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Core courses will be taught over first three terms. They provide participants with the fundamental conceptual knowledge, analytical skills and techniques, contextual understanding. The elective courses offered in the last term of the programme, give participants a deeper understanding of different functional areas and enable them to specialize in areas of their choice.
The combination of core and elective courses helps the participants develop an in-depth understanding of the interrelationships crucial to successful business management. This will enable them to be more effective in their jobs while being sensitive to the issue and challenges confronting people in the other parts of the organization.
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IIM Indore uses a combination of various teaching methods such as cases, projects, computer aided instructions, group discussions, lectures, seminars, simulations, presentations by participants, and lectures by guest speakers from industry and government. The case method is the predominant pedagogical tool. This sharpens the analytical skills of participants and helps analyze problems from multi-functional perspectives. Instructors mainly guide the group, encourage participants to develop and defend arguments, and take decisions.
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A visit to different industries will also be conducted in order to understand the organization working in real environment. The course instructor will provide a course outline detailing the course objectives, contents, evaluation pattern and the appropriate references. Reading material or a book will also be provided to participants. Although the RDF design removed inappropriate private sector components, in practice those components were not actually removed by the initial contractor.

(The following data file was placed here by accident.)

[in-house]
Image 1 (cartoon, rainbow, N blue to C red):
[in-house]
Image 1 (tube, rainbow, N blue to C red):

In other words, the IIS was never customised to specific RDF processes and systems nor, implicitly, to its objectives and values. The design-reality gap on these dimensions therefore actually increased after initial implementation.
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The initial contractor was then removed, and a new one introduced, which did attempt some of the designed customisations, bringing the design-reality gap back down to initial levels. The staffing and skills gap was narrowed somewhat by IT training provided to service personnel. However, this left the gap in other competencies untouched. That gap was affected by the change in contractors - reducing as a more competent contractor was introduced, but growing again when some key project personnel left to work in the private sector.
Overall, the gap reduced to a score of c. The technology gap narrowed as new IT was brought in thus changing the reality of the RDF to make it more like the design and bringing the score at the time of case analysis to around 5.
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Finally, after a few years, and despite the obvious problems with the system, the design was expanded to incorporate two additional computerised modules, thus creating some modest increase in most design-reality gaps. In all, after some years of implementation, the overall design-reality gap has not significantly reduced from the initial score.
The system was implemented, but most modules have never worked satisfactorily and never been used, or were just run in parallel with existing practices but not made part of those practices. At the time of analysis - some six years after project initiation - of the five initially envisaged modules, only one is in operational use.
In cost-benefit terms, the project has been little short of disastrous, with hundreds of meetings, training sessions, and other uses of staff time plus the direct financial costs all being invested with very little to show on the benefit side of the balance sheet. The dimensional gaps are arranged in descending order in the following table, which focuses on the pre-implementation situation:.
With such high gap ratings for so many dimensions, it can be argued that all except 'other resources' were a contributory cause of the largely unsuccessful outcome.
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As noted above, the greatly-lengthened timescale for the project and the gradual introduction of IT means that 'technology' in practice should not be seen as a prime cause of the failure. The remaining dimensions can be grouped into three related areas as causes:. To reduce the risk of failure, e-government projects must reduce problematic design-reality gaps. Hindsight recommendations for improvements on this project fall into two main camps:.
These are approaches to e-government projects that can help generally to reduce gaps on a number of dimensions:.